The Center for Knit and Crochet (CKC) is a non-profit organisation whose aim is to preserve and promote the art, craft, and scholarship of knitting, crochet, and related arts. One result of this aim is the establishment of a digital repository of knitting and crochet. The new CKC Collections Resource is an online-only collection bringing together items from different sources such as museums, galleries, libraries, archives and other public and private entities.
More than 5000 items relating to knitting and crochet may now be browsed in the Library and Museum Collections. Currently in an experimental phase, the database is drawn from the Digital Public Library of America. Other contributions are to be found in the Crowdsourced Collection, which is being used to refine the design, features and functionality of the online interface before continuing expansion. The CKC are in search of further partner organisations willing to share their collections of knitting and crochet.
We are pleased to publish an aid to knitting terminology by Ruth Gilbert, available now for downloading from the Knitting History website.
Entitled ‘Words for recording knitting and knitted fabrics. An introduction to important distinctions and concepts’, Ruth’s concise but precise paper aims to avoid confusion by promoting the use of clear and accurate terms in the description of knitted fabrics and artefacts, many of which are already used in machine knitting and in the knitting industry. Please visit our Knitting History Resources and scroll down the page to view or download Ruth’s paper.
It is part of a wider movement towards improving understanding and will undoubtedly become essential to future knitting history research. More information will be available in the forthcoming and much-anticipated 60th edition of Archaeological Textiles Review, to be published this Autumn. As the Archaeological Textiles Newsletter website explains : “Issue 60 will primarily include articles on evidence for knitting in Early Modern Europe, and we hope our readers will appreciate the importance of this long needed initiative and embrace the scientific impact and upgrade of this over-looked research direction.”
Lise Warburg’s book, “Den strikkende madonna: 12 essays til strikningens geografi”, has been published by Vandkunsten. This collection of 12 essays discusses select aspects of the cultural history of knitting using evidence drawn from many disciplines, including archaeology, ethnography and language research, enlightened and enlivened by Lise’s depth of understanding and breadth of knowledge. This edition is in Danish but we hope public interest may encourage the publishers to issue an English edition as it deserves a wider audience. Visit Vandkunsten’s website for more information and a lovely photo of the author https://www.forlagetvandkunsten.dk/112372/.
The Journal of Tourism and Cultural Change have made Remco Ensel’s article ‘Knitting at the beach: tourism and the photography of Dutch fabriculture‘ open access. The article discusses late nineteenth to mid-twentieth century representations of women and girls wearing regional Zeeland dress while knitting in the open air, examining the meanings of the images, their role in tourism marketing and their relation to reality. In addition to the title comment, French artist and photographer Ludovic-Georges Hamon gave his opinion on the region’s knitting, as seen on his trip in 1906 : “Reneetje is still busy knitting. In Holland, one does not knit with the fingertips, as in France. In their belt, the knitters have a sheath of carved wood; they put the needle in it and the wool is processed into knit stitches at an amazing speed, accompanied by a constant buzzing‚ÄČ‚Ä¶‚ÄČReneetje knits.” An absorbing piece of research, which may be read here: https://www.tandfonline.com/doi/full/10.1080/14766825.2017.1335733.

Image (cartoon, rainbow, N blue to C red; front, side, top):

We are pleased to publish the Bibliography of the history of knitting before 1600, which may now be downloaded from the Knitting History website. The Bibliography was a project of the original Early Knitting History Group, founded by Montse Stanley and now reborn in the Knitting History Forum. It is an unique document, the most complete bibliography of early knitting history currently published and an important aid to research.
Originally compiled by Richard Rutt, author of ‘A History of Handknitting’, Lesley O‚ÄôConnell Edwards has since taken charge of keeping the Bibliography current and relevant. In the nearly two decades since it was published in Bulletin du CIETA n.77 (2000), new work has been published and older work rediscovered. Lesley diligently updated the bibliography over the years and has now kindly permitted publication on the Knitting History website. Please visit our Knitting History Resources page to view or download the Bibliography. We hope this will be a valuable resource for further study into knitting and its origins.
Please note that while the bibliography is now open access, permission to reproduce the document whole or in any part must be sought directly from Lesley O‚ÄôConnell Edwards. She can be emailed using the address in the downloadable PDF.
At a previous Knitting History Forum Conference, historian and KHF member Lesley O‚ÄôConnell Edwards brought a fascinating glove she had knitted from a nineteenth-century pattern by Miss H. P. Ryder. Undated but probably published in the 1860s, Henrietta Pulleine Ryder’s set of instructions for the Richmond glove create a very warm accessory, a glove with fully fashioned fingers and an extra layer over the wrist and hand. Lesley has reworked the instructions and this, together with original research on Miss H. P. Ryder and her sister Miss E. Ryder, is being published in the March/April 2018 issue of Piecework. There are more details of Lesley’s pattern on the Piecework website https://www.interweave.com/article/needlework/pair-ingenious-knitted-gloves-richmond-gloves-knit/ and more information on the life and work of sisters Henrietta Pulleine Ryder and Elizabeth Ryder at Ann Kingstone’s blog https://annkingstone.com/search-richmond-glove/